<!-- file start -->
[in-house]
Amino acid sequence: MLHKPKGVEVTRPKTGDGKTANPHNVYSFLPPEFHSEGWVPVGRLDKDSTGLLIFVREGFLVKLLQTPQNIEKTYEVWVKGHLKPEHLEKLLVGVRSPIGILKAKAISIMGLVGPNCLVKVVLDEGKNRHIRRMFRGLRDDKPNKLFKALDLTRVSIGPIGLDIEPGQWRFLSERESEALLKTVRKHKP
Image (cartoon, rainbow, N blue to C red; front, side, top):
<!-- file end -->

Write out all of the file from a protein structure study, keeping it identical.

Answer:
[in-house]
Amino acid sequence: MLHKPKGVEVTRPKTGDGKTANPHNVYSFLPPEFHSEGWVPVGRLDKDSTGLLIFVREGFLVKLLQTPQNIEKTYEVWVKGHLKPEHLEKLLVGVRSPIGILKAKAISIMGLVGPNCLVKVVLDEGKNRHIRRMFRGLRDDKPNKLFKALDLTRVSIGPIGLDIEPGQWRFLSERESEALLKTVRKHKP
Image (cartoon, rainbow, N blue to C red; front, side, top):